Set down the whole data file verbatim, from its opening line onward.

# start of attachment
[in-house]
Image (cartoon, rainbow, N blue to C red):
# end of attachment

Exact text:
[in-house]
Image (cartoon, rainbow, N blue to C red):